LBG interviewed six executives at companies that are either sponsoring biosimilar candidates or are CDMOs that manufacture biosimilars to identify some challenges and understand how CDMOs are adapting to capture this portion of the biopharmaceutical market.
For a growing number of biopharmaceutical companies, the world is getting smaller. They are operating in smaller, more flexible facilities; servicing potentially smaller markets; and managing local products. Local manufacturers are looking for ways of doing standard processing less expensively without making changes that carry regulatory risk.
“Single Use Becoming an Established Tool: Vendors’ Attention to Users’ Requirements and Familiarity Are Driving Increased Implementation”, May 15, 2010 (Vol. 30, No. 10), GEN|Genetic Engineering & Biotechnology News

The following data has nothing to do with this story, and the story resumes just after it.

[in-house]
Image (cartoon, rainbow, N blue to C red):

As single-use bioprocessing approaches its first decade, integration and standardization are on everyone’s short list of desirable features. Suppliers are responding with significant initiatives to streamline the specification, acquisition, assembly, and deployment of disposable equipment.
There are two major components in making new biologic medical countermeasures available for bio-defense and pandemic response: (1) the detection/discovery of effective countermeasures, and (2) their subsequent Process Development (PD) and manufacture. PD and manufacturing, however, are often the most costly and time-consuming parts of the process, potentially taking years and costing hundreds of millions to billions of dollars.
To address these long timelines, governments have historically stockpiled countermeasures for known biothreats. Unfortunately, this kind of stockpiling is very expensive, and does not provide protection against novel threats. Fortunately, there currently exist many new technologies that, when combined strategically, have the potential to significantly reduce the time and cost associated with the PD and manufacturing of biologic countermeasures.